“Community is that place where the person you least want to live with always lives…When that person moves away, someone else arises immediately to take his or her place.” – Parker Palmer

1. Building Community & Embracing Diversity.

  • Building Community. Involves welcoming new people, saying goodbye to others, and evolving a dynamic community culture.
    • Newcomers = probationary period with older member mentor with focus on observation (limits new ideas that turn established culture/systems upside down from people who may leave; see Lebengarten Impermanence Post)
    • “Active tolerance as each individual’s commitment to allow others to get on with whatever they are getting on with…with complete trust and confidence that what they are doing is beneficial” (see Lebengarten Impermanence Post)


  • Diversity: There is wisdom in multiple voices, resilience in multiple solutions. Any and all diversity is welcome as long as core values and covenants are kept.Lifespan: Taking care of elders and children through rites of passage, care, education, and enough peers that both ends of the spectrum have friends and feel accompanied.
  • Multiple Entry Points: A successful project must build relationships with people based on different levels of commitment so that people can contribute to the project in ways that feel comfortable and exciting to them. Here are possible entry points: (1) Full-time living; (2) Vacation “glamping“;
    “Glamping”. Source: travelettes.net

    (3) Vacation at your own lake house; (4) Member of Community Supported Agriculture (CSA); (5) Education / classes / workshops; (6) Retreats; (7) Financial support; (8) Internship; (9) Intellectual contributions (e.g., contributing to this page through research and writing)



2. Communication, Facilitation, & Conflict Resolution.

  • Self-other balance: (a) Love thy neighbor as thyself.  (b) Self-care is critical as a foundation for other-care.
  • Neither invade nor abandon: self or others (as below)
  • Choose small, frequent conflicts over large, infrequent conflict. Do not let resentments fester and turn into overt conflict or passive aggressive behavior
  • Skillful communication: (a) Positive to negative interactions in 5:1 ratio. (b) Refrain from criticism, defensiveness, contempt, and stonewalling.
  • Mindfulness: commitment to being present, as aware as possible of all aspects of interdependent now –> decreased reactivity and increased compassion (as below)

3. Personal Empowerment & Leadership.

  • Neither invade nor abandon: self or others (as above)
  • Mindfulness: commitment to being present, as aware as possible of all aspects of interdependent now –> decreased reactivity and increased compassion (as above)

4. Health & Healing. Mind, Body, Spirit.

  • healthy life encouraged and promoted by community: perhaps through group practice
  • preventative/primary healthcare (Raj)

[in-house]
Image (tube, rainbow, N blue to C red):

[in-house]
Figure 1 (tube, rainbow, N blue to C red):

• Health insurance. By joining the Federation for Egalitarian Communities (FEC) which requires an income-sharing plan and meeting other criteria (although the community only needs to be > 2 people), the community has access to catastrophic health insurance through PEACH. Note that the FEC has helpful guidelines on forming a community.

5. Local, Bioregional, and global outreach. Concentric circles going outward. Outreach: Education and promotion of these ideals are part of the community mission.

Possible hardware ideas.

Picture of a “pod”. 10-16 people sharing a common room with kitchen, bath, living room. Dotted line is green house.




Village consists of clusters of pods with village square, pond, and farm.



A Model: There are three primary reasons why Tamera Peace Village (see this post) is a potentially interesting model: (a) It is focused on inner and outer work to create a local culture that promotes peace and shares that work outside the community; (b) It has developed social technology that make inner work a vital and ongoing part of community life, including living forms that promote transparency, honesty, and conflict resolution in human relationship; (c) The mission of peace and the social structures that make this a living reality synergize with various more physical aspects of the village, including their work with water and technologies represented in their solar village. There are 200 people at Tamera. Though a size of 150 or so seems like a good number given historic village sizes, the size is not the focus here. Part of its being a model would mean people in our community would get educated at Tamera (or similar places), bringing back info, approaches, forms, and experiments.

Click the button below to download your eBook with example Holistic Goal, some details, and a discussion of how to find the right people.


1 – This UNESCO Policy Brief provides a nice discussion of the intersection of ecosystem services and well-being.